Soundtrack review: Tiny Christmas (Ryan Shore – 2017)
“Tiny Christmas” is a Nickelodeon holiday TV movie. When a girl (Riele Downs) and her quirky cousin (Lizzy Greene) are accidentally zapped by a shrinking ray at the hands of one of Santa’s inept elves on Christmas Eve, they must learn to trust and appreciate each other and work as a team to get back home before Christmas, or risk staying tiny forever. Ryan Shore wrote the score.
Earlier this year I heard Ryan Shore’s score for the “Julie’s greenroom” show and it was very nice. And what could possibly keep me away from listening to this one as well especially now in December and especially when Nickelodeon is a big part of my life currently, both the normal channel and Nick Jr. since I have a 3 year old little girl. It is the right mood to enjoy this music. My expectations for a gentle, melodic and whimsical composition are met right from the start, as I instantly connect with “Emma’s crazy secret box”; on the other side of the spectre are the playful pieces like “North pole tech lab”, a colourful celebration of joy and occasional silliness. This is a fairy tale after all so there must be no shortage of magic and imagination in the music.
It’s hard not to give in to the infectiously fun mood of this score, even if you might be feeling a little down going in; Ryan Shore does everything right with his orchestral pieces, from sparkling adventurous to suspenseful or tender. The music has that comfortable childish warmth from start to finish, with chimes and bells and flutes that keep the soul of the music safe and protected inside its boundaries. There’s also variety in this score, after all, the interest of the kids watching needs to be kept fresh also through sound not only through visuals and every now and then the score explodes in flashy jazz numbers like “Tinsel paws” or in relentless piano motifs like in “Kitty litter cannonball”.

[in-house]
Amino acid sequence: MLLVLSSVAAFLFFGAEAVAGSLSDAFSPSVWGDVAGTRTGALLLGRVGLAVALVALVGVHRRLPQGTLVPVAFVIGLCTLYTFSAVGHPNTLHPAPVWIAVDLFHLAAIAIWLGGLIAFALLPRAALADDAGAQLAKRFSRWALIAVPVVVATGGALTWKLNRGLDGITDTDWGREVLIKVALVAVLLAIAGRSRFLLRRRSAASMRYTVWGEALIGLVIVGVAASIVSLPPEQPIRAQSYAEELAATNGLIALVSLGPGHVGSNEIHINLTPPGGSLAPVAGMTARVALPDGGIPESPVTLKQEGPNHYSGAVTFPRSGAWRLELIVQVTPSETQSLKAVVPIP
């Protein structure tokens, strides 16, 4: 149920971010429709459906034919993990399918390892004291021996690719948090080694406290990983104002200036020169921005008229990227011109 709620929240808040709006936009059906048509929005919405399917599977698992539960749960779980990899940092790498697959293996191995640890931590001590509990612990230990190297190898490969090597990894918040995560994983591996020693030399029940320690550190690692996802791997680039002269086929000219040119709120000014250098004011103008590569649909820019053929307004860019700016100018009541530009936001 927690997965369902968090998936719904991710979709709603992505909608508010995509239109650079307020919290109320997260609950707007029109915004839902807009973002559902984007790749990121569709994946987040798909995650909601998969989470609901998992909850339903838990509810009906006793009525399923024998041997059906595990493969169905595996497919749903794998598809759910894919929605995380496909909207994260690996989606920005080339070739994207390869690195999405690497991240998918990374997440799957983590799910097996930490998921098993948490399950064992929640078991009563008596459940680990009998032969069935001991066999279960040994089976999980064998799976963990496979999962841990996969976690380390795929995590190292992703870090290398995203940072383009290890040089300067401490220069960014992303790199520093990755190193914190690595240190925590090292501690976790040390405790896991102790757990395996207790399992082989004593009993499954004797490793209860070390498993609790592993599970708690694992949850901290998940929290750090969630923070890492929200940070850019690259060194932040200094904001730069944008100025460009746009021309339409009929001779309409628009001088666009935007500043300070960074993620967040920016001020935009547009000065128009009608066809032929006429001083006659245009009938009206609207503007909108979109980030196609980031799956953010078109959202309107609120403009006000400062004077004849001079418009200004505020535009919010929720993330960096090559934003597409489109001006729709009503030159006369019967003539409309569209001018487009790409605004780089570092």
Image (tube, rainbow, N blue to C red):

With an open mind and soul it’s impossible not to giggle and love this score even without watching the movie and even without having a joyful kid around; Ryan Shore knows which chords to tug on to make his music bright and enjoyable. There are also moments when my nostalgia kicks in hard, like the Disney nostalgia in the beginning of “Monster sized candy” with that angelic chorus at the beginning or the nostalgia of magical childhood winters in “Christmas Eve snowfall”. “Tiny Christmas” is the right album to have around during the holiday season and I’m sure you will find something inside it to connect with.
Cue rating: 87 / 100
Total minutes of excellence: 21 / 59
Album excellence: 35%
Emma’s Crazy Secret Box
Time To Double Feather
Kitty Litter Cannonball
Mrs. Findlay Wakes Up
Mrs. Findlay’s Calendar Candy
Christmas Eve Snowfall
Climbing The Snow Mountain
Spotting The Goggles
Different Can Be Good